There are several policy levers that can be used to promote start-ups and entrepreneurial growth. Instead of being preoccupied with firm chasing—attracting large firms from other locations—policymakers should shift their focus to improving physical and human infrastructure and encouraging entrepreneurship in their communities. Small is beautiful in job creation.
There are well-understood limits to the pace at which countries can accumulate physical capital, but the limitations on the speed with which the gap in knowledge can be closed are less clear. Because of the strong link between education and entrepreneurship, policymakers should remove any constraints that restrict the growth in the quality and quantity of local colleges and educational institutions.
Along with education, physical infrastructure is also essential to supporting a modern economy. Goods and services cannot be produced and delivered without roads, electricity, and telecommunication. And moving people is as important, if not more important, as moving goods. Investing more in roads, railways, bridges and schools should be an integral part of any jobs agenda. If this is important in the current US context, the role of both infrastructure and education in job creation is even more fundamental in developing countries, where there’s much more to be done than in the US and other advanced economies.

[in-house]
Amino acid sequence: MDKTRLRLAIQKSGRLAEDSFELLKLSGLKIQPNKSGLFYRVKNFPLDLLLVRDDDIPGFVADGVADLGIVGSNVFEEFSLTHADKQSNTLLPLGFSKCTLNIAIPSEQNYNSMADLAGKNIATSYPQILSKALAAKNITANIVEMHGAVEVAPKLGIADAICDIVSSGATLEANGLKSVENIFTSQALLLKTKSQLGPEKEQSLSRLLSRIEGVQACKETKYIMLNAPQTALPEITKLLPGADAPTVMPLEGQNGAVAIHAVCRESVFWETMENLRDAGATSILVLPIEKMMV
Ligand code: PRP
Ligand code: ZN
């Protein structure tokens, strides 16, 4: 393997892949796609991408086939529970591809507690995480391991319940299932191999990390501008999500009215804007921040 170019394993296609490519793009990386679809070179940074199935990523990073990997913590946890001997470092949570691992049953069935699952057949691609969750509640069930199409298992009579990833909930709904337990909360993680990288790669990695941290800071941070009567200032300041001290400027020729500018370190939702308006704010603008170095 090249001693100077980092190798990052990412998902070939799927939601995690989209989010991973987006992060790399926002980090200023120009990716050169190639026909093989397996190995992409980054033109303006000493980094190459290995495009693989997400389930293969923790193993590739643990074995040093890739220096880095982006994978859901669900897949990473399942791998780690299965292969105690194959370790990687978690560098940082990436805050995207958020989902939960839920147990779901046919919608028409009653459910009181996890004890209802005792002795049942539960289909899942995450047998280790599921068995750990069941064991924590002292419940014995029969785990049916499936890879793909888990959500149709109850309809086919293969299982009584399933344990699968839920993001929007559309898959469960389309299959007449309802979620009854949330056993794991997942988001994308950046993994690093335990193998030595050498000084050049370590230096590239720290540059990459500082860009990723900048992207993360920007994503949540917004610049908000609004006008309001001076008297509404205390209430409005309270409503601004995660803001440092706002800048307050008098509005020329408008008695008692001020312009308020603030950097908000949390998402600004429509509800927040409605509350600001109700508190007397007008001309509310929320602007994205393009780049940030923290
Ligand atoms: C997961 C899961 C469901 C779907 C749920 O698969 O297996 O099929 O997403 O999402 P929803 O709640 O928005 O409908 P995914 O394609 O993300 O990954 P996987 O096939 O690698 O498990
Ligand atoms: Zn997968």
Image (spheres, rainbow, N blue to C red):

There is no magic formula or one-size-fits-all solution for making cities more enterprising. While there is widespread agreement that entrepreneurship is critical for structural transformation and growth, there is less agreement about what drives entrepreneurship or what government policies encourage and incubate new economic enterprises. Most of the policy research on entrepreneurship has been in the developed world, but even that is just beginning to focus on the causes of entrepreneurial differences across space. Policymakers in the developing world want to better understand the connections between entrepreneurship and growth and how this has an impact on jobs and growth.
The phenomenon of growing informality in the face of rapid growth and urbanization is a relatively new phenomenon. Our understanding of the nature of agglomeration externalities and how they play out for formal and informal enterprises is still at an early stage. The precise reasons for productivity in the informal sector being lower than in the formal sector are still not well understood, especially if agglomeration benefits are much stronger in informal than in formal enterprises.
Perhaps the GST (goods and services tax) reform could bring informal enterprises into the fiscal net so that they can contribute to the services needed for them to flourish. Policy measures to support informal entrepreneurs to create more jobs are also essential. The role of informal entrepreneurship needs to be scaled up and not down, given that it does not look as though job creation in the formal sector has been or is likely to be vigorous enough to meet the employment challenges of India in the next two decades.
Ejaz Ghani is lead economist at the World Bank.